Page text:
Fear is defined as a distressing emotion aroused by impending danger, evil, pain, etc. whether the threat is real or imagined. The effects can cause a change in metabolic and organ functions and ultimately a change in behavior, such as fleeing, hiding, or freezing from perceived traumatic events. Fear can also be so intense that you feel like you’re going to die. Your pulse races, your heart pounds, you find it hard to breathe. You might even pass out while experiencing a panic attack. The key words in the definition are real or imagined.
A study by #Don Joseph Goewey, entitled, #85 Percent of What We Worry About Never Happens, found that many of our imagined calamities never materialize. He states that for the “15 percent that did happen, 79 percent of subjects discovered either they could handle the difficulty better than expected, or the difficulty taught them a lesson worth learning. This means that 97 percent of what you worry over is not much more than a fearful mind punishing you with exaggerations and misperceptions.” Based on this study, I think it’s fair to say that 85 percent of what we worry about is not reality, but FEAR—(F)alse (E)vidence (A)ppearing as (R)eal.
I learned a valuable lesson during September 11 when the twin towers were struck. I was with my mom who suffered from Alzheimer’s Disease. She showed none of the visceral emotions of worry—heart-pounding, depression, or difficulty breathing. But I did. At a traffic stop, a motorist rolled down their window and told me that World War III would break out. My mom’s mind didn’t go there. She simply enjoyed the sunny fall day with me. For my mom, ignorance was bliss.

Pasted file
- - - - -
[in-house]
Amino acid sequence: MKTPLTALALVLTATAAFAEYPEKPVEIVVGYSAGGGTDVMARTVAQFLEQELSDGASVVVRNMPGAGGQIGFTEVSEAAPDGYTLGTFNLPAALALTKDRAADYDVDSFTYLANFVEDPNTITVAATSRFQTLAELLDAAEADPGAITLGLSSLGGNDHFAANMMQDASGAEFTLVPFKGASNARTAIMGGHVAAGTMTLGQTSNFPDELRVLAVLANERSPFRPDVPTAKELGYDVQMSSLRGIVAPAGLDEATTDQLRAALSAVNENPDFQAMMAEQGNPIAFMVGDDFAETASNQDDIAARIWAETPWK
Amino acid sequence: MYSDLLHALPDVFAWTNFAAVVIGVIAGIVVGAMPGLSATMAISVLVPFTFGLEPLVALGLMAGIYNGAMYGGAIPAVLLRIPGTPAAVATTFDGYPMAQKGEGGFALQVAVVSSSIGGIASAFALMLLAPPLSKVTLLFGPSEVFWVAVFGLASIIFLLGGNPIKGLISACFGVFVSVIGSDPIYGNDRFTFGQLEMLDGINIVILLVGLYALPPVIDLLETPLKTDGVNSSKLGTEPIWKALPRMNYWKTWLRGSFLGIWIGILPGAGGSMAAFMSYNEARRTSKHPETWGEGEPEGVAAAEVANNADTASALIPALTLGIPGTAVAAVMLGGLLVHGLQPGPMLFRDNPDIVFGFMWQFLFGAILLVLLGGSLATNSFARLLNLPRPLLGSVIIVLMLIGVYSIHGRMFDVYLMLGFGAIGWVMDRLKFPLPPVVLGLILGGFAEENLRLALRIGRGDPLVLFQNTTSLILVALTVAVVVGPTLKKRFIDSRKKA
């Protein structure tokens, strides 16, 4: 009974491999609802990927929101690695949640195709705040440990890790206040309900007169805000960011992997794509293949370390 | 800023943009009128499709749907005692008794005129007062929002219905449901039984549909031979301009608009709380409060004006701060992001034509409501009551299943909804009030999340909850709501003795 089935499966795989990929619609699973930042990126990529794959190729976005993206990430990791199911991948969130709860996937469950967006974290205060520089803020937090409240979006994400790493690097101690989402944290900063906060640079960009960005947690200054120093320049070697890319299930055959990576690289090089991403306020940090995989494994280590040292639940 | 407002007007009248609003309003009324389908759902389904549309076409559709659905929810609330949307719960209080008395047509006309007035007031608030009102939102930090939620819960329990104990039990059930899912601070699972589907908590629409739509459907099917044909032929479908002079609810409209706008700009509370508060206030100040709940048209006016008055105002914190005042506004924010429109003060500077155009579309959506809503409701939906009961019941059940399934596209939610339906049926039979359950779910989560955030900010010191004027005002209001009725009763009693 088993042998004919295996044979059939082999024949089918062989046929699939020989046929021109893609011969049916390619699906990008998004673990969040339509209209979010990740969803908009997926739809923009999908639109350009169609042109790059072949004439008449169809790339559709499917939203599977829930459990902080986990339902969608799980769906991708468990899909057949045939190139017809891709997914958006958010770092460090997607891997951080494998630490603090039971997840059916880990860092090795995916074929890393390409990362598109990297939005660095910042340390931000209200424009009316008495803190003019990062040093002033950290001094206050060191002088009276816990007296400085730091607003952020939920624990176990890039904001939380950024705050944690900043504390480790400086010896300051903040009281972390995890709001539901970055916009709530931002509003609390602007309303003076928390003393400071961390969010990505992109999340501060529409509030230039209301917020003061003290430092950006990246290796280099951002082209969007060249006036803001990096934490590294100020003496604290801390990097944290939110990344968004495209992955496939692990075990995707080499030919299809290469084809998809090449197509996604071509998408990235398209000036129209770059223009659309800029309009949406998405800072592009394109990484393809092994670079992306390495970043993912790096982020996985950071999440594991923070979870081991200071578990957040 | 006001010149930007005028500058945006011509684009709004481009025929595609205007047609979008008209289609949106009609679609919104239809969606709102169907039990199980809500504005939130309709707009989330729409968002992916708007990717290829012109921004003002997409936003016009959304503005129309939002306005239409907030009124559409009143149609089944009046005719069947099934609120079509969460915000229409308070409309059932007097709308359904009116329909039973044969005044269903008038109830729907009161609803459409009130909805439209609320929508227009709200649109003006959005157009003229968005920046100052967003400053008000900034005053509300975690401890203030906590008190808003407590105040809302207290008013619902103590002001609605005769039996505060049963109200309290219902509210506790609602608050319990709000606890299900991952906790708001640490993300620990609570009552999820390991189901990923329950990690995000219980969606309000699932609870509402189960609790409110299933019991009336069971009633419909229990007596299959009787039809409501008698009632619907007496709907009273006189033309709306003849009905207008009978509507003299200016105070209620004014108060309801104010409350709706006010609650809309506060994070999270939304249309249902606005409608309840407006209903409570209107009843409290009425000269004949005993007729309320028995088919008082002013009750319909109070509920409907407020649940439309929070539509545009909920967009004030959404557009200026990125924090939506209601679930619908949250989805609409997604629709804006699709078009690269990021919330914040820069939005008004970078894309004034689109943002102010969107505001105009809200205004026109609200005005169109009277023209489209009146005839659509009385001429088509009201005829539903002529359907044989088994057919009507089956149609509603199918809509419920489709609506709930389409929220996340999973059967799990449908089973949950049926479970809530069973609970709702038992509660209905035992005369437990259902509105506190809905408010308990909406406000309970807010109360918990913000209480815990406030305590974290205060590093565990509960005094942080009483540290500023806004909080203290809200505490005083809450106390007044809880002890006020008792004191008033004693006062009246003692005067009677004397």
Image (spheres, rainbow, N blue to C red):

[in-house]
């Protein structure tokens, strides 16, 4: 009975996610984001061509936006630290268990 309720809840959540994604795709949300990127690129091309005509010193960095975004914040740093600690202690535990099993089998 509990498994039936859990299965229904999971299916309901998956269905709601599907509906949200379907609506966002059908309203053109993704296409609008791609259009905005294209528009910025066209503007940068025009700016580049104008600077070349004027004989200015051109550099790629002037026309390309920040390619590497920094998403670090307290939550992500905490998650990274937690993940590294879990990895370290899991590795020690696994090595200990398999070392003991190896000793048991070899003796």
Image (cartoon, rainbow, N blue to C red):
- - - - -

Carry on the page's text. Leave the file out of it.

The lesson I learned is that we must exercise control of our mind and choose carefully what we perceive as the truth. I learned the importance of speaking positive, affirmative words, seeing the cup as half-full, and knowing there is always hope.
2 Chronicles 20:17, has helped me through health challenges, depression, poverty, and difficult relationships. It reads: “Ye shall not need to fight in this battle: set yourselves, stand ye still, and see the salvation of the LORD with you… fear not, nor be dismayed; tomorrow go out against them: for the LORD will be with you.
God tells us to not be afraid, or panic, or tremble in terror before our FEARs. In other words, he is with us to fight for us against our enemies and to save us. I dare you to taste and see that the Lord is good.